Two scissors-wielding women sliced off the almost blue-black ponytail belonging
to a very willing surgeon Friday, before sharing a long embrace.
The emotional moment was all for charity, the capstone of a $15,000 fundraising
effort by Dr. Lisa Guerra for breast cancer nonprofit Susan G. Komen of
After the haircut, Guerra stood smiling in her scrubs in an empty conference
room at Hoag Cancer Institute in Newport Beach with shoulder length hair
she hadn't had since she was a child.
For the women who cut her hair, it was a chance to give back to the surgeon
who helped save their lives with a nurturing touch.
Margie Gollihugh and Niloofar Fakimi remember when they were diagnosed
with cancer and how Guerra's caring behavior helped them face the
daunting struggles of surgery. There were small moments: a phone call
before surgery; a gentle hand on the shoulder; a softness in her voice.
"She's been my angel," Fakimi said. "My savior."
Fakimi was diagnosed in 2008, and donated $1,000 to Guerra's fundraising
effort, matching Gollihugh's contribution for most generous pledge.
"She's just a beautiful person, and this is the least we can
do," Fakimi, 50, said.
There were more than 230,000 new cases of breast cancer reported in 2014,
according to estimates from the American Cancer Society. Hoag treats around
800 breast cancer patients a year.
In August of 2012, Gollihugh was one of them. She was still piecing together
her life after her husband's death in a cycling accident.
"I actually walked in to see another doctor and I didn't feel
comfortable," Gollihugh, 67, said.
She said there was something impersonal about the care, but when she met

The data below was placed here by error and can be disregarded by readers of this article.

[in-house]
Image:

Guerra, she felt a warmth come from her.
This wasn't only surgery to Guerra. Her family has a history of breast
cancer, from her grandmother to her great grandmother. That, in part,
inspired her to become a breast surgeon, earning the skills to treat the
disease that had infiltrated her family. But Guerra wanted to do more
than fulfill her surgical duties.
"Each year I've tried to raise a little bit more money," she said.
So this year she devised a plan: if she raised more than $10,000, she
would let the person with the highest donation cut off her hair.
Friday she had two highest bidders chop off her hair — the ponytail
is going to a charity that supplies wigs for cancer patients.
Guerra cautions women to get annual mammograms starting at 40. The disease
claimed 40,000 lives this year, the American Cancer Society estimates.
"I think there are women out there who think breast cancer can't
happen to them. No one in their family has had it before," she said.
Guerra knows breast cancer can strike women of all medical backgrounds
and said she'll persist with her efforts until that cure is found.